We can distinguish further between the ordo praedestinationis (order of predestination) and the ordo executionis (order of execution). Our Lady comes immediately after Christ in God’s ordered love and predestination since eternity. By looking from this side of heaven, it is also true that in the execution of this project of love, Mary comes first so that Christ could be in her the Word incarnate. Mary is for Christ. She comes after Him in eternity, but before Him in time. Her Fiat at the Annunciation is a manifestation of her primacy in action: her maternal love and obedience precede and so reveal God’s outpoured love in his greatest divine work, the Incarnation. Mary depends on Jesus as Jesus depends on Mary. Their primacy is a oneness: it is a sharing of love between the Mother and the Son, the Son and the Mother.
The very essence of Mary’s primacy is the mystery of her Immaculate Conception. In fact, God, in choosing pre-eminently Mary in Christ and for Christ, envisaged also the mystery of Mary as Immaculate, tota pulchra, with no stain of sin. The Immaculate Conception of the Mother was the very reason for Mary to be elected and loved in Christ. Mary was a creation all pure, all holy, as was Christ. The immaculate Lamb of God, Christ, was elected and willed together with his Immaculate Mother. One single immaculateness of the Son and of the Mother. One single love, unsullied, pure, eternal. This would have been granted to Jesus and to Mary in Jesus even if Adam and Eve had not fallen into sin. This hypothetical sentence simply intends to highlight, once again, the fittingness and the precedence of that love, and not to reduce the centrality of Christ to a mere hypothesis. Christ and his Mother – as the Franciscan School teaches – were predestined not in view of Adam and Eve, but rather Adam and Eve, as well as any other human being, were conceived in view of Christ and of his Mother. Wherever Christ is, there is also his Immaculate Mother. Christ holds the primacy over all things, and with Him, the Immaculate Mother. Jesus and Mary are the reason for man to be male and female, and for creation to be complementarity of love, a tribute of glory and adoration to God’s love. Therefore, creation depends on Jesus and Mary and never the contrary. Redemption, i.e., the rescuing of mankind from original sin, from a Franciscan perspective, is the accomplishment and the supernatural perfection of an eternal love already manifested in Creation and in the Incarnation of Christ for the maximum glory of God. Creation, Incarnation and Redemption, although distinct, are one symphony of love. Creation is in view of the Incarnation, and Incarnation is brought to its completion by the sorrowful Redemption, the “love to the end”. The golden thread tying together these distinct plans, to the point of forming an indissoluble oneness, is the proto-idea and now the proto-reality: Christ and Mary.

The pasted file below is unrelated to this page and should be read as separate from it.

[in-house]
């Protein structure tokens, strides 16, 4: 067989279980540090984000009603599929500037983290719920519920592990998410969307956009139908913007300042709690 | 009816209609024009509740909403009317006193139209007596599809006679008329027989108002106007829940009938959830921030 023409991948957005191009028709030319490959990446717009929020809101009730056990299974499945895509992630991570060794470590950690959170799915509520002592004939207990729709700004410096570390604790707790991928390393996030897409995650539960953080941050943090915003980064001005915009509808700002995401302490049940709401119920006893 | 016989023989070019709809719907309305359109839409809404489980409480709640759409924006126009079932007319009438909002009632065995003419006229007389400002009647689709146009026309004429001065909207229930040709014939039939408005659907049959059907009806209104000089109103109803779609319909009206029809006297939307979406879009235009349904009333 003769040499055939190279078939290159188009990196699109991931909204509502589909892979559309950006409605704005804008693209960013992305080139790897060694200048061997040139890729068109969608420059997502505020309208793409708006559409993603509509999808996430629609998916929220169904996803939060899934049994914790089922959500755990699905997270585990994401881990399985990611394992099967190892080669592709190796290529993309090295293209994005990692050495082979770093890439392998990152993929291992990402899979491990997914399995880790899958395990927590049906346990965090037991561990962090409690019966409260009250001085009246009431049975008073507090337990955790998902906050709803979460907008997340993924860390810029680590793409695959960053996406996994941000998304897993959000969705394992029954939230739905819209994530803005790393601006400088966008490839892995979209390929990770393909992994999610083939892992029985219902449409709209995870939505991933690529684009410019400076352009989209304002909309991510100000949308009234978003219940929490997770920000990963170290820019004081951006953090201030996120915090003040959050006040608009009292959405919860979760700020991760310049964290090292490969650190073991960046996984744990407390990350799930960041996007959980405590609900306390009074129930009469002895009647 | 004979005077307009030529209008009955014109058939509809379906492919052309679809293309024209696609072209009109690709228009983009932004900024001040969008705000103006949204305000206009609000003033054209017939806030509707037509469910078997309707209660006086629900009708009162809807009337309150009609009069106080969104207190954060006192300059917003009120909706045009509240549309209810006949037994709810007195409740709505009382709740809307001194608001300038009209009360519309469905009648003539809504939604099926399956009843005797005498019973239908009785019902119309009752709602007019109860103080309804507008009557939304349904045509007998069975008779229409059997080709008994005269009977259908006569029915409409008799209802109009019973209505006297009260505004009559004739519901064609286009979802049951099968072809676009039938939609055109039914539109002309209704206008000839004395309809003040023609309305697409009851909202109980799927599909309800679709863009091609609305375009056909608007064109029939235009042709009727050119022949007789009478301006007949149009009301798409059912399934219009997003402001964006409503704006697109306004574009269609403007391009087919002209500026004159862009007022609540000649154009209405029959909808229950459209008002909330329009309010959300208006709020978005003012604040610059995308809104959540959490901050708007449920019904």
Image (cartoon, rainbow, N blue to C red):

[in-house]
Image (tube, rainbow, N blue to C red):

The Immaculata, icon of God’s communion of love
Let’s go back to a concept sketched out en passant. Mary is Immaculate for being in Christ the very icon of God’s perfect love ad intra. As Jesus, the Word incarnate, is the icon of the invisible God, so Mary is the icon of the invisible and complementary love of God, the agape. The immaculateness of Jesus and Mary ad extra shows the pure and eternal love of God within the communion of love of the Most Holy Trinity. This august privilege of being Immaculate, which was granted to Mary manifests the indissoluble union between the Son and the Mother. “Uno eodemque decreto”: with one and the same decree, says Pope Pius IX in his Bull Ineffabilis Deus, God predestined Christ to be the Word incarnate and foresaw the origin of the Blessed Virgin, Immaculate Conception in view of becoming the Theotokos.
This mystery of the Immaculate Conception of Mary was mystically intuited – much in advance – by the Seraphic Father St Francis. The Poverello in one of his Marian prayers, the Salutation of the Virgin Mary, sings the excellent privileges of the Mother of God, the “Virgin made Church”, the Immaculate as the one “in whom there was and is all fullness of grace and every good”. There was and is. In Mary there has always been that fulness of grace, that fulness of God’s love. She is full of grace to be, in the fulness of time, His tabernacle, His vestment and far more still, as St Francis says in his prayer, which goes thus:
Hail Lady, Holy Queen, Holy Mary Theotokos, who are the Virgin made church · and the one chosen by the Most Holy Father of Heaven, whom He consecrated with His Most Holy Beloved (dilectio) Son and with the Holy Spirit, the Paraclete; in whom there was and is all fullness of grace and every good. Hail His Palace; Hail His Tabernacle; Hail His Home. Hail His Vestment; Hail His Handmaid; Hail His Mother and hail all you holy virtues, which through the grace and illumination of the Holy Spirit are infused into the hearts of the faithful, so that from those unfaithful you make them faithful to God.
One final question might help us unite all in one and not merely as a speculative investigation: how can we live out this mystery of Mary’s primacy of love as Immaculate Conception in our lives? Her primacy is made visible in Mary’s Queenship. She holds a primacy because she is Queen. In Christ, the universal King, She partakes in his ruling action over all things, those in heaven and those on earth, visible and invisible. Throne, dominations, principalities and powers, all are subject to them. Should we not then cast ourselves under Mary’s dominion of love? It is only if we let Mary take possession of us, through a Marian Consecration, that the power of Christ’s love is lavished upon us. After all, it is one single primacy: Jesus reigning through Mary and Mary Immaculate, icon of unsullied love, leading us to Jesus. Living Jesus in Mary is the best plan to attain a love which has its origin in a timeless realm where the day will never fade away.